Robot Assistants for Promoting Crawling and Walking
in Children at Risk of Cerebral Palsy

Principal Investigators:

Andrew H. Fagg, OU CS and Bioengineering

Lei Ding, OU ECE and Bioengineering

Thubi H.A. Kolobe,, OUHSC Rehabilitation Sciences

David P. Miller, OU AME and Bioengineering

Effective robotic assistance of infants with or at risk of developing Cerebral Palsy (CP) has the potential to reduce the significant functional limitations as well as the potential deficits in cognitive development. This project focuses on the development and testing of 1) a sequence of robotic assistants} that promote early crawling, creeping, and walking, and 2) a model of infant-robot interaction that encourages the continued practice of movement patterns that will ultimately lead to unassisted locomotion.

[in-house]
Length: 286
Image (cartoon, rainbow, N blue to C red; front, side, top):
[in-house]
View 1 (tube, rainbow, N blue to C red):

Typically developing infants initially learn to crawl through the generation of spontaneous limb and trunk movements. Early in the process, these spontaneous movements transport the infant across the floor. The rewarding locomotory experience drives the infant to refine the movements to intentional and exploratory skills. Ultimately, the infant intentionally engages these skills to solve larger problems, such as obtaining an interesting toy or exploring their environment. Infants with conditions such as CP lack the muscle strength, postural control, and motor coordination necessary for these early exploratory limb and trunk movements to result in locomotion. Without this positive feedback, the development of the neural pathways for productive limb use is diminished, which results in delayed or lack of development of crawling and walking. These limitations in mobility negatively affect other domains of development such as perception and cognition, with effects being visible even into adulthood.

Funding Sources


fagg at cs.ou.edu

Last modified: Tue Oct 30 00:06:25 2012